In order for art to be truly, deeply allied with the Gospel, the relationship with God must be personal. The principle is not new to Evangelical Christianity–it was developed by Ignatius of Loyola for the Spiritual Exercises. Ignatius, in turn was inspired by Francis of Assisi. Pope John Paul II cites that saint, as well as Bonaventure:
The knowledge conferred by faith is of a different kind: it presupposes a personal encounter with God in Jesus Christ. Yet this knowledge too can be enriched by artistic intuition. An eloquent example of aesthetic contemplation sublimated in faith are, for example, the works of Fra Angelico. No less notable in this regard is the ecstatic lauda, which Saint Francis of Assisi twice repeats in the chartula which he composed after receiving the stigmata of Christ on the mountain of La Verna: “You are beauty… You are beauty!”.(Lodi di Dio Altissimo, vv. 7 and 10: Fonti Francescane, No. 261, Padua 1982, p. 177) Saint Bonaventure comments: “In things of beauty, he contemplated the One who is supremely beautiful, and, led by the footprints he found in creatures, he followed the Beloved everywhere”.(Legenda Maior, IX, 1: Fonti Francesane, No. 1162, loc. cit., p. 911)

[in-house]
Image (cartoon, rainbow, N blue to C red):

The mysticism of the great saints and doctors is immensely appealing to many artists. It is why, thankfully, we will likely never see theological treatises set to music or depicted in visual art. Artists can be misinterpreted, to be sure. Not unlike dense rational treatises on religion. If a seeker really wants to probe deeply toward God, I would always counsel someone to begin with art, not reason.
Pope John Paul II’s Letter To Artists is available in its entirety online here.